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Opposition: Budget 2015 is anti-poor

February 28, 2015 07:14 PM
Budget 2015 is anti-poor

Opposition parties criticised the Narendra Modi government’s first full-year budget on Saturday, saying it was pro-industrialist and failed to take care of the common man’s interests. 

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Finance minister Arun Jaitley attempted to juggle welfare spending with high economic growth and infrastructure development but could not win over the Congress that called the budget “hollow and plain”.
 
“The budget is only for big corporates and industries. It is not a pro-poor budget,” said, Mallikarjun Kharge, the Leader of the Congress in the Lok Sabha. “This budget is a repayment by the BJP government to the rich and corporates who had supported them during Lok Sabha polls. The budget is all about promises.”
 
Former environment minister and Congress MP Jairam Ramesh described the budget as a “dhan wapsi” programme, punning on the “ghar wapsi”, or religious conversion, campaign being run by some Hindu groups.
 
“You (BJP) had taken (money) in elections. You are paying back,” he said.
 
Former Jammu and Kashmir chief minister Omar Abdullah, from the National Conference, questioned the government’s move to pump in more funds into the UPA-era MNREGA, a rural employment guarantee programme, a day after Prime Minister Narendra Modi said the scheme was a proof of the Congress’ failure.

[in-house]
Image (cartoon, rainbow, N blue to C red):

“I don't get it, if #MNREGA is a monument to failure why is more money being pumped into it? Something doesn't add up here. #Budget2015?” he tweeted.
 
Bahujan Samaj Party (BSP) chief Mayawati said the budget was aimed at helping industrialists. “It has been made keeping in mind only the rich and big capitalists. It is not in the interests of common man,” she said.
 
Giving the budget a measly 2 out of 10, BJD’s Leader in the Lok Sabha, B Mahtab, said it was very disappointing as it did not do much for the farmers. However, he was contradicted by party colleague Jay Panda, who termed the budget as “big bang”, which will “encourage the economy and boost the prospects of industry and manufacturing”.
 
West Bengal finance minister and Trinamool leader Amit Mitra said Jaitley made a big public display of giving more resources to the states with one hand, but concealed the other hand that took away a lot.

“Allocations to most of the central-sponsored schemes that are targeted towards the poor have been drastically reduced,” he said in Kolkata.

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